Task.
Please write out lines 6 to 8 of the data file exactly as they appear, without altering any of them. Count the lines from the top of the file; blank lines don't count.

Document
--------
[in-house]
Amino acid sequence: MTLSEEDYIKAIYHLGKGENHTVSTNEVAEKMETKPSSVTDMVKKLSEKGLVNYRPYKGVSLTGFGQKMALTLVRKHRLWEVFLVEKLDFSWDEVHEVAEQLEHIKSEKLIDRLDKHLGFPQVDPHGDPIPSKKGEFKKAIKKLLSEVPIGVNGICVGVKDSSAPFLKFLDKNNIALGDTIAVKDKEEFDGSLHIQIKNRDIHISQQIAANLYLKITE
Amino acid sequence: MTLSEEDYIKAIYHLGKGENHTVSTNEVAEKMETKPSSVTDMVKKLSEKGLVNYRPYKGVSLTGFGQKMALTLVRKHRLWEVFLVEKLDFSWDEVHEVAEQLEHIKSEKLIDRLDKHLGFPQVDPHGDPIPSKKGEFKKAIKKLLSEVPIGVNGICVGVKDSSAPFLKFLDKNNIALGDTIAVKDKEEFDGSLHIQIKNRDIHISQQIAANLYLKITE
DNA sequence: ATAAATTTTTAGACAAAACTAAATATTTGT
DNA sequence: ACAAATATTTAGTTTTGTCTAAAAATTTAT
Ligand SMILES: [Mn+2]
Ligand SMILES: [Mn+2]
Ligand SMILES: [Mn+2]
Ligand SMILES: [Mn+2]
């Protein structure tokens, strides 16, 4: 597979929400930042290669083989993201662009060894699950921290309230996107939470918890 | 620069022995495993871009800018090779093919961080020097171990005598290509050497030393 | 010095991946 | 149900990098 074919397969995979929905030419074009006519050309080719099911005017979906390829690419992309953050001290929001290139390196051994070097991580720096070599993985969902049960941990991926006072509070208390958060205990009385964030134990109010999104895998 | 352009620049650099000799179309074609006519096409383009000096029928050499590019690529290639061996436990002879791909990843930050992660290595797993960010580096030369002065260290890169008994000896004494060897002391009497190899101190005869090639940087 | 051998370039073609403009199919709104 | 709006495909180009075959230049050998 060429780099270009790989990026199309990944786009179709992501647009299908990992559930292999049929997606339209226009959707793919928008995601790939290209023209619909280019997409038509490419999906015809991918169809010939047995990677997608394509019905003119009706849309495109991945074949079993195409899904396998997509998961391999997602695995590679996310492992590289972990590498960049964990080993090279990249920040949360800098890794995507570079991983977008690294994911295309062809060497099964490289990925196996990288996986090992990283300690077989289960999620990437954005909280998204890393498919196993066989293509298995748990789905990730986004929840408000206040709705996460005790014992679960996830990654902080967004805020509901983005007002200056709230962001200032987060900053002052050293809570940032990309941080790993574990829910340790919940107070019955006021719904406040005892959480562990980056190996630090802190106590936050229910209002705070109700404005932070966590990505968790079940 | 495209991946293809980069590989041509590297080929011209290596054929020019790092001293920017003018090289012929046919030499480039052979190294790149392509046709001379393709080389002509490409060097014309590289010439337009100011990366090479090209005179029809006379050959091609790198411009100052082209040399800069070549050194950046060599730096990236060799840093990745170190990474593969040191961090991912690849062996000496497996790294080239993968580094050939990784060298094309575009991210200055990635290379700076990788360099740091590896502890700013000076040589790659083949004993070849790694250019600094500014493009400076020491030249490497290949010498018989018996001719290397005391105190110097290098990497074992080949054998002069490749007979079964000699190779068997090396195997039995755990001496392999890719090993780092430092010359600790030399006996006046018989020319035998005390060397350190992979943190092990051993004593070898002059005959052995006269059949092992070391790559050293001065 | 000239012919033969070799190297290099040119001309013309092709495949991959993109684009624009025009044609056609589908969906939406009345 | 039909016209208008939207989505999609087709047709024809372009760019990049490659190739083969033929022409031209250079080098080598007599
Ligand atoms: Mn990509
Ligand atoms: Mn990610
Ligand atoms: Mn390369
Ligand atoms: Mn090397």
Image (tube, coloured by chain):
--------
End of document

Ligand SMILES: [Mn+2]
Ligand SMILES: [Mn+2]
Ligand SMILES: [Mn+2]